. 5 Why is this a topic in Germany?

Merkel is in her governing coalition against a rebellion by Interior Minister Horst Seehofer, who leads the Bavarian sister party of their Christian Democratic Union. He gave the Chancellor an ultimatum to reach an EU agreement at the summit that would bring migrants back to the countries where they first registered. If she does not deliver, Seehofer threatened to dismiss migrants on the German border. While it is unclear whether he would use his ministerial power to risk dismissal and trigger German instability, Merkel agreed to a pan-European agreement on migration. It is too early to say whether the agreement in Brussels will be sufficient to repel Merkel.

. 6 Is there a refugee wave in Europe?

No. But on the contrary. In 2015, there was an increase when more than 1 million migrants arrived in Europe after Russian bombs escalated the Syrian civil war. Most landed on beaches in Greece and moved north through the Balkans to get to Germany. Following an agreement reached in March 2016 with Turkey, which had agreed to accept the return of people who had entered Greece illegally in exchange for 6 billion euros in aid, most of the electricity was stopped. The number of arrivals in 2016 dropped to about one-third of 2015 levels and to about 172,000 last year. Nevertheless, the majority of migrants landings have been in Italy for the past three years.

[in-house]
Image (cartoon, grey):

. 7 So why the worry?

The columns of migrants in 2015-2016 have aroused the fears of the locals, opened the division between the EU states and triggered a populist backlash against the established parties. Germany, Sweden and other countries temporarily introduced border controls, while Hungary, Slovenia and Macedonia built fences along parts of their borders. Nationalist politicians have been worried that the refugees, many of whom are Muslim, may bring with them crimes and terror. On June 18, President Donald Trump falsely claimed via Twitter that the crime in Germany had increased as a result of migration; Statistics show that violent crimes in Germany fell by 2.4 percent last year. An unresolved concern is how to deal with the over 300,000 people who have arrived in Italy since the beginning of 2016. While they are mainly economic migrants with few asylum options, the rest of Europe has no interest in helping them. Italy can not identify them partly because the countries of origin do not want to take them back.

• The UNHCR website on migrants in the Mediterranean

• Eurostat data on asylum seekers

• QuickTake discussions on asylum and the history of the refugee crisis in Europe.

• A QuickTake on the East-West Rift in Europe.

• A Bloomberg editorial on how Europe should share the burden of the refugee crisis, and articles by Leonid Bershidsky on Italy and Germany.

• New York Times Explains the difference between migrants and refugees

– With support from Jonathan Stearns, Nikos Chrysoloras, Victoria Dendrinou, Gregory Viscusi and Grant Clark.

Contact the reporter about this story: Alessandro Giovanni Borghese in New York at [email protected]

Contact the responsible editors for this story: Leah Harrison Singer at [email protected], John O & # 39; Neil, Alan Crawford

© 2018 Bloomberg LP